Content Standard (1998)

10.10 Students analyze instances of nation-building in the contemporary world in at least two of the following regions or countries: the Middle East, Africa, Mexico and other parts of Latin America, and China.

  1. Understand the challenges in the regions, including their geopolitical, cultural, military, and economic significance and the international relationships in which they are involved.
  2. Describe the recent history of the regions, including political divisions and systems, key leaders, religious issues, natural features, resources, and population patterns.
  3.  Discuss the important trends in the regions today and whether they appear to serve the cause of individual freedom and democracy.
11th Grade United States History and Geography: Continuity and Change in Modern United States History

Curriculum Framework (2016)

Unit: Contemporary American Society, pp. 426-432

  • During President Reagan’s first term in office, Cold War policies toward Latin American and the Soviet Union intensified: conflicts in Nicaragua, El Salvador, and Panama demonstrated Reagan’s willingness to send American support to anti-communists all over the Western Hemisphere.

Content Standard (1998)

11.9.5  Analyze the role of the Reagan administration and other factors in the victory of the West in the Cold War.

12th Grade Principles of American Democracy (One Semester)

Curriculum Framework (2016)

Unit: Comparative Governments and the Challenges of Democracy, pp. 450-454

  • Students can review major political and economic systems and how they influence economic policies, social welfare policies, and human rights practices: socialism, communism, capitalism
  • Students examine nondemocratic and tyrannical forms of government: control of the media, lack of political and personal freedoms, corruption of public officials, lack of governmental transparency, and the lack of citizens’ access to changing the government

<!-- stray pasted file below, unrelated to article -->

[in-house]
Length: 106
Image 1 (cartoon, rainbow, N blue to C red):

• Students can explore the importance of the rule of law, the need for civilian control of military and police, and the desirability of popular petitions, rallies, and other forms of participation
  • Attention also should be given to historical and contemporary movements that overthrew tyrannical governments and/or movements toward democratic government in Guatemala and El Salvador.

Content Standards (1998)

12.9.1  Explain how the different philosophies and structures of feudalism, mercantilism, socialism, fascism, communism, monarchies, parliamentary systems, and constitutional liberal democracies influence economic policies, social welfare policies, and human rights practices.

12.9.5  Identify the forms of illegitimate power that twentieth-century African, Asian, and Latin American dictators used to gain and hold office and the conditions and interests that supported them.

12.9.6  Identify the ideologies, causes, stages, and outcomes of major Mexican, Central American, and South American revolutions in the nineteenth and twentieth centuries.

Lesson Activities

  • Students prepare their own analyses of the conflicts in Central America, drawing on the photographs of the Richard Cross collection, oral history interviews, and other resources.
  • Students answer and develop their own Compelling and Supporting Questions.

Compelling and Supporting Questions

  • are intellectually rigorous and
  • are relevant and interesting
  • spark inquiry
  • motivate students to want to learn more

Historical Content
Bullet points that

  • cover basic content
  • inform slide presentations
  • teach note-taking
  • lead to resources – websites and published curriculum

Evaluating Sources & Using Evidence

  • Students evaluate and analyze multiple sources and perspectives.
  • Students make conclusions supported by evidence carefully gathered and analyzed.

Photograph Viewing Guide

  • Authentic inquiry vs. exploitation
  • People, land and physical structures
  • Historical thinking skills
  • Personalizing historical photographs
Assessment Ideas
Formative and summative assessment options

References to support deeper study of conflict in Central America